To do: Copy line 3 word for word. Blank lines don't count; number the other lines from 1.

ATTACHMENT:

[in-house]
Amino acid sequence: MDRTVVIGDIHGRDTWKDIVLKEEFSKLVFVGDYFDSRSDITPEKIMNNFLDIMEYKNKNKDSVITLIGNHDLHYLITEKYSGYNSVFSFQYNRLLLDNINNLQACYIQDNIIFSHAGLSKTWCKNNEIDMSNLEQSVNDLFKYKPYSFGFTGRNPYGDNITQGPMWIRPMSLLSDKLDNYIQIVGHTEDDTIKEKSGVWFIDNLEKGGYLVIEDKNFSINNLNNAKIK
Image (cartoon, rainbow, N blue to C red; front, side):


Image (cartoon, rainbow, N blue to C red; front, side):